Multiple Primary Cancers

Eighteen of the 80 women (22.5%), deemed to be at high risk for HNPCC who were diagnosed with ovarian cancers in the international collaborative study, also had synchronous ECs, and two further patients subsequently developed primary ECs after the diagnosis of ovarian cancer in this group (50). Multiple primary tumors are common findings with hereditary EC (44,48,54-56). Analysis of the NIH-SEER database showed that women with antedating endometrial or ovarian cancers diagnosed before

50 years of age had significantly increased risks for CRC (57). Registry-based studies in Canada also found that the first-degree relatives of women who were diagnosed with double primary CRC and EC younger than age 55, carried a very high relative risk (RR = 30.5, 95%CI = 18.8-46.6) for developing CRC before the age of 55 years (58).

In patients from known or suspected HNPCC kindreds, multiple primary tumors generally are neoplasms that characterize the spectrum of this syndrome, including (besides colorectal, endometrial, and ovarian cancers) especially upper gastrointestinal, hepatobiliary duct, renal pelvis, and ureteral cancers (4,48,59-63). Seventy-five of 113 (61%) EC cases collected from HNPCC registries in seven countries were associated with second primary cancers, 72% of which were CRCs; and in 18/113 (16%) of the EC patients, there were two or more primary cancers (44). When a second primary tumor followed CRC in 1113 patients from the Swedish Family-Cancer Database, 100% of the ECs came from patients that fulfilled the Bethesda criteria for HNPCC syndrome (64). After a previous CRC, the risk for EC was increased 257-fold among the 12 families that fulfilled the Amsterdam criteria for the HNPCC syndrome in this study from the Swedish database (64). Moreover, the first-degree relatives of MMR gene mutation carriers with both primary CRC and EC bore a high relative risk (RR = 23.8, 95%CI = 6.4-61) for EC (56). And, although the risk for EC was lower, it remained significant (RR = 5.4, 95%CI = 2-11.7) in the first-degree relatives of mutation negative probands with both primary CRC and EC (56).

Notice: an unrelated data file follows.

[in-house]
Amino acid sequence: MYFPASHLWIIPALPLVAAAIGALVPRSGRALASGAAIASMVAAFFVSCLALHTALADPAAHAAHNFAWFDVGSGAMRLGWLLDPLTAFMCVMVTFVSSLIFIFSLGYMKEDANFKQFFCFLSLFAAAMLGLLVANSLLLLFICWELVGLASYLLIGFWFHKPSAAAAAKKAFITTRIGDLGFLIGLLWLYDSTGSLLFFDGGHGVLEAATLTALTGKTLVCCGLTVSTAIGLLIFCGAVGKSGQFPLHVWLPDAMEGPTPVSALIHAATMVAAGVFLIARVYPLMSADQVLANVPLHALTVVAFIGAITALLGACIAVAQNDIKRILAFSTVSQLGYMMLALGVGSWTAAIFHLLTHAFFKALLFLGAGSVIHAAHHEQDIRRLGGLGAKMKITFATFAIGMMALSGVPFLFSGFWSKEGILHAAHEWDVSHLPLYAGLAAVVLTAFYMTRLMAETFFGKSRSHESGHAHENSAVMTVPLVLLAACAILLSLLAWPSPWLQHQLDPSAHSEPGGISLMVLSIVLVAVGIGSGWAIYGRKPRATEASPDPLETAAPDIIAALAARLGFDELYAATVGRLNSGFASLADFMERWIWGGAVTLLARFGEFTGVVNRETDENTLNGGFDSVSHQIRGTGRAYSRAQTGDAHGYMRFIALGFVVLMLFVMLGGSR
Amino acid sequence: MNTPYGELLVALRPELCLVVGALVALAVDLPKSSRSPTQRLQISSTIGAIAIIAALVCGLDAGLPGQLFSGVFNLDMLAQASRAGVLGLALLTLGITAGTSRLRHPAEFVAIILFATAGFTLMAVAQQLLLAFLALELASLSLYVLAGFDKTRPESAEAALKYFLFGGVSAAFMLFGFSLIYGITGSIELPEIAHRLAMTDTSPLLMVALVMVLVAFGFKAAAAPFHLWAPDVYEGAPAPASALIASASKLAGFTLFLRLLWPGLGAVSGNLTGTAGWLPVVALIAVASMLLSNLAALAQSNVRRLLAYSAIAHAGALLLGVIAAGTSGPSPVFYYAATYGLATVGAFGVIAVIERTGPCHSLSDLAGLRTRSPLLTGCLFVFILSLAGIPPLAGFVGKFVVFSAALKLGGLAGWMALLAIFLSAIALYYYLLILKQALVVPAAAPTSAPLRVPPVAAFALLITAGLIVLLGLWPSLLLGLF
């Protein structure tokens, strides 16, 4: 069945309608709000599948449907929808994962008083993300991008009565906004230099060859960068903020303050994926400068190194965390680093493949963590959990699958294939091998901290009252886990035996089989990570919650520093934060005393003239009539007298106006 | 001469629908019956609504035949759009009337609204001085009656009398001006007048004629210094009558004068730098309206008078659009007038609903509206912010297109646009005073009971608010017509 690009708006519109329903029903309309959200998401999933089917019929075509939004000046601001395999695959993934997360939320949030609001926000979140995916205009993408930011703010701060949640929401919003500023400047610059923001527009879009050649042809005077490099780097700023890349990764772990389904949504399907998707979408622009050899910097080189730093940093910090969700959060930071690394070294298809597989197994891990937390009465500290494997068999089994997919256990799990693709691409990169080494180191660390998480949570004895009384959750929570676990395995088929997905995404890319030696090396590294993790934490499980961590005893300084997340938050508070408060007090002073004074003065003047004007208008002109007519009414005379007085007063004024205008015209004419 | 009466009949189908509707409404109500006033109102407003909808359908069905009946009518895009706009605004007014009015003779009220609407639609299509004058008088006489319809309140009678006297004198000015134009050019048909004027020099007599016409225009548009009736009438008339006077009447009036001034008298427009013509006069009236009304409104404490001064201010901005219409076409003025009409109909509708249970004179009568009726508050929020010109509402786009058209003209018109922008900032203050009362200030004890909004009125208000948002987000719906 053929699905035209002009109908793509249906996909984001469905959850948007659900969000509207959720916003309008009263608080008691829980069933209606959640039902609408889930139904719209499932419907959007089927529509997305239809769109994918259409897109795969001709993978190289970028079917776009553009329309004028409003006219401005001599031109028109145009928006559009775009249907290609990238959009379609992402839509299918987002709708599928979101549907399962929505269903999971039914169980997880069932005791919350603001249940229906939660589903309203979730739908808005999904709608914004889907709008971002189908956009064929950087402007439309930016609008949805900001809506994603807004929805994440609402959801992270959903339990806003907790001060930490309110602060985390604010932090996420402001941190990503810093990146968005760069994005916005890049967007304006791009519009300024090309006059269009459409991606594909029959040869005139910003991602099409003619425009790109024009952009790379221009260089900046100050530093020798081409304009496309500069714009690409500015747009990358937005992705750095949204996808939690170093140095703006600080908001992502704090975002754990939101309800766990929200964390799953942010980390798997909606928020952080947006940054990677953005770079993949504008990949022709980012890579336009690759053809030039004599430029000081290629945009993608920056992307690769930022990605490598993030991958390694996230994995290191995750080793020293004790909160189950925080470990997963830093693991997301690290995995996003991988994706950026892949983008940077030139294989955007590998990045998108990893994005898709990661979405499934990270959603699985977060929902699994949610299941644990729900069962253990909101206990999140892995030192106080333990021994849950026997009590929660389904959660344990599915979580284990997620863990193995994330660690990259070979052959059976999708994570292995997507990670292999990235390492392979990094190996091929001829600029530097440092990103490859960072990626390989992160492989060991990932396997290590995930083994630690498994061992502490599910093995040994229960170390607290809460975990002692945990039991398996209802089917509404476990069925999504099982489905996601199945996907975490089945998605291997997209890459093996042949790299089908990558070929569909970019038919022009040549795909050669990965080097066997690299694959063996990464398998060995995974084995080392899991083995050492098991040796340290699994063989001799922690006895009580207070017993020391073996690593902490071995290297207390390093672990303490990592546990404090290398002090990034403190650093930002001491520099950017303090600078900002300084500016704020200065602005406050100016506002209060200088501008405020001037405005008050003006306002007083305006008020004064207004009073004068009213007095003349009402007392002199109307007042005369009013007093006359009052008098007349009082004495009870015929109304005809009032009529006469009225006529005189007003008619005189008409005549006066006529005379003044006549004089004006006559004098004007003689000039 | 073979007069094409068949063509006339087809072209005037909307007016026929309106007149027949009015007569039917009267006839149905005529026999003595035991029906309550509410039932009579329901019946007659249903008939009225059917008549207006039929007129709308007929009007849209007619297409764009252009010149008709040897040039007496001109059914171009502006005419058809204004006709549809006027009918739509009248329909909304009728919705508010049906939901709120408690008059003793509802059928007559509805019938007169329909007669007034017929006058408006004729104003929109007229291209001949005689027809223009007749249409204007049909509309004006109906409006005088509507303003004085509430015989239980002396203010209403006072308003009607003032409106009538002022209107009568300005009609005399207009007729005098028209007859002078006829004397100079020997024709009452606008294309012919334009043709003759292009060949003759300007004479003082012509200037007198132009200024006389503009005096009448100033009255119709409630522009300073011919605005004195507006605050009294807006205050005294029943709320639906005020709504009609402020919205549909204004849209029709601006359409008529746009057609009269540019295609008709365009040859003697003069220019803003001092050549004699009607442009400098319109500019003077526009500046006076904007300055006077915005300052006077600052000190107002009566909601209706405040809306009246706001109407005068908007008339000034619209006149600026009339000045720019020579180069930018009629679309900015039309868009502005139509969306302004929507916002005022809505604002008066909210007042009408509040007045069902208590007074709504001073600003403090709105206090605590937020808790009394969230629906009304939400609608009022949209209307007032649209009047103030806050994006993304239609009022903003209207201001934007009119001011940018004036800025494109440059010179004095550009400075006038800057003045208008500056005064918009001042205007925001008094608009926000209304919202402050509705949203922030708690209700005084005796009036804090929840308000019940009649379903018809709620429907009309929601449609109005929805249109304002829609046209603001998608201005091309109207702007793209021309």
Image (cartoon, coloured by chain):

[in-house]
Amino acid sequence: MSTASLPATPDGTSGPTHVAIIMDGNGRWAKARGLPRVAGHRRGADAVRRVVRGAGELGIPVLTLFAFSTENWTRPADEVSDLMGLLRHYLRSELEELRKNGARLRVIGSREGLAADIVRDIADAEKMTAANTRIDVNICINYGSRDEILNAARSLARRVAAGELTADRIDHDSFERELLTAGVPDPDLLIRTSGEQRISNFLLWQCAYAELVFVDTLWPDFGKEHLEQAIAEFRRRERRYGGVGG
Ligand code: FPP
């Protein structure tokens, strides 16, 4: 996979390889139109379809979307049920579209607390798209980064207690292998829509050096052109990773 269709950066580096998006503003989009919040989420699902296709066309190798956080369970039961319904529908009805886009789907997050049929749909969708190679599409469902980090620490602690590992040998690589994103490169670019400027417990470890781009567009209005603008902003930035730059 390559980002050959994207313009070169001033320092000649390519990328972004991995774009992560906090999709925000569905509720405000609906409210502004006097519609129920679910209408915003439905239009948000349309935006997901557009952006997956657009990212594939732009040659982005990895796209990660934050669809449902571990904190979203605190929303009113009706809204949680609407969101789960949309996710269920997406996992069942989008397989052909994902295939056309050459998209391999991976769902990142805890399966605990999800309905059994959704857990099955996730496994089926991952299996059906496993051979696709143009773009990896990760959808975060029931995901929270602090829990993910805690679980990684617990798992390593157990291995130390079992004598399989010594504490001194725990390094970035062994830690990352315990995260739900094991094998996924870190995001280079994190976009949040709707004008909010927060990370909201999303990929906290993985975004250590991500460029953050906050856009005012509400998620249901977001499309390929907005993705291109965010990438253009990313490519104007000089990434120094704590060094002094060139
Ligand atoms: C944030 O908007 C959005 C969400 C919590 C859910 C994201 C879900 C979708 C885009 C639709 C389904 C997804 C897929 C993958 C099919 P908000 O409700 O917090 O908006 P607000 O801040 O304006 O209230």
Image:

Investigations of EC utilizing some 9.6 million individuals from the Swedish Family-Cancer Database (48), included a subset of 20,000 cases of EC, among which there were 76 families in which both the mother and daughter were affected. This consisted of a familial SIR of 3.19 for daughters and 2.78 for mothers. The risk was inversely related to the age at diagnosis, reaching a risk of almost 10 in daughters who were diagnosed before age of 50 years when their mothers were also diagnosed before that age. The discordant primary cancer site most associated with EC between the two generations was colon, with a SIR of 1.44-1.68. When the maternal EC was diagnosed before age of 50 years, increased SIRs were observed in daughters or sons for rectal, pancreatic, breast, ovarian, and nervous system cancers. Second primary cancers with the highest overall risks in females diagnosed with EC were ovarian and connective tissue cancers with CRCs, also clearly in excess.

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